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CIGoutlet Tobacco News
American cigarette manufacturers have filed a lawsuit against the FDA.
The largest US tobacco companies filed a lawsuit in the US District Court for the District of Columbia against the Federal Office of the Food and Drug Administration (FDA).
read more ...05/04/15
Interesting facts about cigarettes, countries - tobacco leaders.
Every minute in the world are sold about 8-10 million cigarettes and daily 13-15 billion cigarettes.
read more ...04/01/15
Anti-smoking campaigns run to extremes.
It is strange to what can bring the foolishness of anti-smoking crusaders in their attempts to impose all the rules of a healthy lifestyle, even if they lead to a violation of all norms, artistic freedom and civil society.
read more ...03/03/15
Cigarette tax hike has some smokers burning


LEWISTON, Maine (AP) Some Maine smokers are burning over Gov. Angus King's proposed tax increase on cigarettes.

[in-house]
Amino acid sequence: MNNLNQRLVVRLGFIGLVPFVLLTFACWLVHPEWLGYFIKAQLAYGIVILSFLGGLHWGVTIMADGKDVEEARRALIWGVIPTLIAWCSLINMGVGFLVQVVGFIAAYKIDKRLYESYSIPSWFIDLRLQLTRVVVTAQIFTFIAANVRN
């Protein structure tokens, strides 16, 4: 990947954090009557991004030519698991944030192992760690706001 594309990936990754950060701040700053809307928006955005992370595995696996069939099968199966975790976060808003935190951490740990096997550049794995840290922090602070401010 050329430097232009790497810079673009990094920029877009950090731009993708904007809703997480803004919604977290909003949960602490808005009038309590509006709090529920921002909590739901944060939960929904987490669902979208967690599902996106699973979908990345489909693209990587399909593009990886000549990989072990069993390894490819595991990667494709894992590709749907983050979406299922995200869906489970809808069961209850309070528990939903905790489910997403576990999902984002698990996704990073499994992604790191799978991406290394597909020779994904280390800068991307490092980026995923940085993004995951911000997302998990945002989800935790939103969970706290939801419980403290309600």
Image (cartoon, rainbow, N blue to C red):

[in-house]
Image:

King's proposed two-year budget calls for a 26-cent tax increase on cigarettes, from 74 cents to $1 a pack, to help closed an anticipated $200 million budget shortfall. The increase would come only a year after King doubled the state cigarette tax, and has some smokers accusing the government of targeting people who can't control their addictions. ''We're being picked on,'' said Jim Jervais, 53. ''It's a disease. They know we're hooked, and they're killing us with these taxes.'' For Mary Jane Newell of Oxford, the tax hike adds to insult to injury. She's still angry about a state law that banned smoking in Maine restaurants, and says King should target other vices, such as alcohol. ''We're made to feel like second-class citizens,'' she said. ''Why don't they bother the drinkers? They kill people.'' For every argument and complaint from smokers, however, there seems to be a statistic in support of the proposed tax. King said raising the tax to would generate $22 million a year for the state, money that could help offset rising medical costs. He also cited statistics that show the number of people starting to smoke has dropped 27 percent since the last time the cigarette tax was raised. The tax is also being championed by anti-smoking groups, who are hopeful that more expensive smokes will lead to more people giving up the habit. ''People would come in and say, 'That's it. I've got to quit. It's not worth it anymore,''' said Kathy Baillargeon, a prevention coordinator at Tobacco Free L-A. ''They feel like it's their final push. It's another incentive. It actually turns out to be a positive thing for some people.''

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